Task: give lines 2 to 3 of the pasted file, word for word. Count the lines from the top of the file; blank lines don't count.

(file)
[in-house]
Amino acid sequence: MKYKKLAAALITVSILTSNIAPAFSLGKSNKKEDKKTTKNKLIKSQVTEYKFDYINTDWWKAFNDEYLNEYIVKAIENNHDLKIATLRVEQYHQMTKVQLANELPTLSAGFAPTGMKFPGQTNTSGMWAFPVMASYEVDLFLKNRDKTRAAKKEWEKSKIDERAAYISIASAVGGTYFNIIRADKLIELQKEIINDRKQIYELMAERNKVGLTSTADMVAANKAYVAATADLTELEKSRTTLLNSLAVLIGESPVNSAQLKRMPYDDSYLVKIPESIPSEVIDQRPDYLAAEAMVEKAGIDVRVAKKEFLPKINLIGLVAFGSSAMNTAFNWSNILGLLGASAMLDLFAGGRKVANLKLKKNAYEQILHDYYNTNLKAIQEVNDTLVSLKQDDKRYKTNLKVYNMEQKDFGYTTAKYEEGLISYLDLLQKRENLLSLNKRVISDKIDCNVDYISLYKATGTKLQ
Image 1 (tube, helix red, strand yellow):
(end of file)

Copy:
Amino acid sequence: MKYKKLAAALITVSILTSNIAPAFSLGKSNKKEDKKTTKNKLIKSQVTEYKFDYINTDWWKAFNDEYLNEYIVKAIENNHDLKIATLRVEQYHQMTKVQLANELPTLSAGFAPTGMKFPGQTNTSGMWAFPVMASYEVDLFLKNRDKTRAAKKEWEKSKIDERAAYISIASAVGGTYFNIIRADKLIELQKEIINDRKQIYELMAERNKVGLTSTADMVAANKAYVAATADLTELEKSRTTLLNSLAVLIGESPVNSAQLKRMPYDDSYLVKIPESIPSEVIDQRPDYLAAEAMVEKAGIDVRVAKKEFLPKINLIGLVAFGSSAMNTAFNWSNILGLLGASAMLDLFAGGRKVANLKLKKNAYEQILHDYYNTNLKAIQEVNDTLVSLKQDDKRYKTNLKVYNMEQKDFGYTTAKYEEGLISYLDLLQKRENLLSLNKRVISDKIDCNVDYISLYKATGTKLQ
Image 1 (tube, helix red, strand yellow):